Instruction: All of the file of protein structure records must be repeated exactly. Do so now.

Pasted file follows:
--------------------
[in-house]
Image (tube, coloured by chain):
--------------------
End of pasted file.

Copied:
[in-house]
Image (tube, coloured by chain):